Blanche of Castile (Castilian: Blanca) was born on 4 March 1188 in Palencia, the third daughter of Alfonso VIII of Castile and his wife Leonor Plantagenet. She was Queen of France as the wife of Louis VIII. She acted as regent twice during the reign of her son, Louis IX the Saint. She was one of the granddaughters of Henry II of England and Eleanor of Aquitaine.
In her youth, she visited the Abbey of Santa María la Real de Las Huelgas, founded by her father, several times. In consequence of the Treaty of Le Goulet between Philip Augustus and John of England, Blanche’s sister, Urraca, was betrothed to Philip’s son, Louis. Their grandmother Eleanor of Aquitaine, upon getting acquainted with the two sisters, judged that Blanche’s personality was more fit for a queen consort of France. In the spring of 1200 Eleanor crossed the Pyrenees with her and brought her to France instead (historical rumour has it the French thought the sound of “Urraca” was hideous).
On 22 May 1200 the treaty was finally signed, King John ceding with his niece the fiefs of Issoudun and Graçay, together with those that André de Chauvigny, lord of Châteauroux, held in Berry, of the English crown. The marriage was celebrated the next day, at Port-Mort on the right bank of the Seine, in John’s domains, as those of Philip lay under an interdict. The marriage was only consummated after a few years, and Blanche bore her first child in 1205.
During the English barons’ rebellion of 1215-16 against King John, it was Blanche’s English ancestry as granddaughter to Henry II that led to Louis being offered the throne of England as Louis I. However, with the death of John in October 1216, the barons changed their allegiance to John’s son, the nine-year-old Henry. Louis continued to claim the English crown in her right, only to find a united nation against him. Philip Augustus refused to help his son, and Blanche was his sole support. She established herself at Calais and organized two fleets, one of which was commanded by Eustace the Monk, and an army under Robert of Courtenay. Eventually Louis’ claim faded.
Upon Louis’ death in November 1226, he left Blanche, by then 38, regent and guardian of his children. Of her twelve or thirteen children, six had died, and Louis, the heir — afterwards the sainted Louis IX — was but twelve years old. She had him crowned within a month of his father’s death in Reims and forced reluctant barons to swear allegiance to him. The situation was critical, since Louis VIII had died without having completely subdued his southern nobles. A minority made the Capetian domains even more vulnerable. To gain support, she released Ferdinand, Count of Flanders, who had been in captivity since the Battle of Bouvines. She ceded land and castles to Philip Hurepel, son of Philip II and his controversial wife Agnes of Merania. She had to break up a league of the barons in 1226. Helped by Theobald IV of Champagne and the papal legate to France, Romano Bonaventura, she organized an army. Its sudden appearance brought the nobles momentarily to a halt. Twice more did Blanche have to muster an army to protect Capetian interests against rebellious nobles and Henry III of England.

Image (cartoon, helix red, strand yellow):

In 1229, she was responsible for the Treaty of Paris, in which Raymond VII, Count of Toulouse, submitted to Louis. By it his daughter and heir Joan was forced to marry Blanche’s son, Alfonso. He gave up all the lands conquered by Simon de Montfort to the crown of France. It also meant the end of the Albigensian Crusade.
At the cost of some of the crown’s influence in Poitou, Blanche managed to keep the English Queen mother Isabelle, Countess of Angoulême and her second husband, Hugh X of Lusignan, from supporting the English side. Pierre Mauclerc did support the English and Brittany rebelled against the crown in 1230. Blanche organized a surprise attack in the winter. She accompanied the army herself and helped collect wood to keep the soldiers warm. The rebellion was put down, which added to the growing prestige of Blanche and Louis.
Saint Louis owed his realm to his mother and remained under her influence for the duration of her life. After Louis came of age, in 1234, aged 20, her influence upon him may still be traced. The same year, he was married, and Blanche became Queen mother. Louis married Margaret of Provence, who was the eldest of the four daughters of Ramon, count of Provence, and Beatrice of Savoy.
In 1239, Blanche insisted on a fair hearing for the Jews, who were under threat by increasing Antisemitism in France. She presided over a formal disputation in the king’s court. Louis insisted on the burning of the Talmud and other Jewish books, but Blanche promised Rabbi Rehiel of Paris, who spoke for the Jews, that he and his goods were under her protection.
In 1248, Blanche again became regent, during Louis IX’s absence on the Crusade, a project which she had strongly opposed. In the disasters which followed she maintained peace, while draining the land of men and money to aid her son in the East. She fell ill at Melun in November 1252, and taken to Paris, but lived only a few days and died on 27 November 1252. She was buried at Maubuisson Abbey, which she had founded herself. Louis heard of her death in the following spring and reportedly did not speak to anyone for two days afterwards.
I always think Eleanor of Aquitaine’s female descendants need some more love. What a wonderful book trilogy would be: a book about Leonor Plantagenet and Alfonso VIII, and then two about their daughters: Queen Berenguela and her son Fernando the Saint and Queen Blanche and her son Louis the Saint. Awww!